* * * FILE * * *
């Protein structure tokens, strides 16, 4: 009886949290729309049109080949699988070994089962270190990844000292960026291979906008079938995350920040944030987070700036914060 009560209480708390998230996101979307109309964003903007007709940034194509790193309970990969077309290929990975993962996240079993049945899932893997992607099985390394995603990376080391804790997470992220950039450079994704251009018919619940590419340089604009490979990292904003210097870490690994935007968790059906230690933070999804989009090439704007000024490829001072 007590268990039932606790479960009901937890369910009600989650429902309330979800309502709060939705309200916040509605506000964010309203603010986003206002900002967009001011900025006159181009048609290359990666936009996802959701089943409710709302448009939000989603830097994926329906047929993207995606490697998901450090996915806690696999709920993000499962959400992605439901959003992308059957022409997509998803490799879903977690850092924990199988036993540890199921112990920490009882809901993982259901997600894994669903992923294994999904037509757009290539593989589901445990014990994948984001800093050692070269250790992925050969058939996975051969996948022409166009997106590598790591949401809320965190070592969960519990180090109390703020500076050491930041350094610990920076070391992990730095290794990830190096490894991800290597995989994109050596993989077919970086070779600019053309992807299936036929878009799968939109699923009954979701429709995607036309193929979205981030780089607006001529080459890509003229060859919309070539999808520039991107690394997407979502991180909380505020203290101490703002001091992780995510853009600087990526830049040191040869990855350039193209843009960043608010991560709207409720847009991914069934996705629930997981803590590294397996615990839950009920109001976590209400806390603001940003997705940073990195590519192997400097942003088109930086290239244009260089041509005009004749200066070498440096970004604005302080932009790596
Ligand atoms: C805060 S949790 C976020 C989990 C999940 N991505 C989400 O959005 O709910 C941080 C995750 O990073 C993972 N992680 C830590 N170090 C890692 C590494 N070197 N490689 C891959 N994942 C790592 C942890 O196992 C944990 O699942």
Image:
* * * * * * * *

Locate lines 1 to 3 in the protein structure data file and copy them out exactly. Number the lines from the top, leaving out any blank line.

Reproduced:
């Protein structure tokens, strides 16, 4: 009886949290729309049109080949699988070994089962270190990844000292960026291979906008079938995350920040944030987070700036914060 009560209480708390998230996101979307109309964003903007007709940034194509790193309970990969077309290929990975993962996240079993049945899932893997992607099985390394995603990376080391804790997470992220950039450079994704251009018919619940590419340089604009490979990292904003210097870490690994935007968790059906230690933070999804989009090439704007000024490829001072 007590268990039932606790479960009901937890369910009600989650429902309330979800309502709060939705309200916040509605506000964010309203603010986003206002900002967009001011900025006159181009048609290359990666936009996802959701089943409710709302448009939000989603830097994926329906047929993207995606490697998901450090996915806690696999709920993000499962959400992605439901959003992308059957022409997509998803490799879903977690850092924990199988036993540890199921112990920490009882809901993982259901997600894994669903992923294994999904037509757009290539593989589901445990014990994948984001800093050692070269250790992925050969058939996975051969996948022409166009997106590598790591949401809320965190070592969960519990180090109390703020500076050491930041350094610990920076070391992990730095290794990830190096490894991800290597995989994109050596993989077919970086070779600019053309992807299936036929878009799968939109699923009954979701429709995607036309193929979205981030780089607006001529080459890509003229060859919309070539999808520039991107690394997407979502991180909380505020203290101490703002001091992780995510853009600087990526830049040191040869990855350039193209843009960043608010991560709207409720847009991914069934996705629930997981803590590294397996615990839950009920109001976590209400806390603001940003997705940073990195590519192997400097942003088109930086290239244009260089041509005009004749200066070498440096970004604005302080932009790596
Ligand atoms: C805060 S949790 C976020 C989990 C999940 N991505 C989400 O959005 O709910 C941080 C995750 O990073 C993972 N992680 C830590 N170090 C890692 C590494 N070197 N490689 C891959 N994942 C790592 C942890 O196992 C944990 O699942």
Image: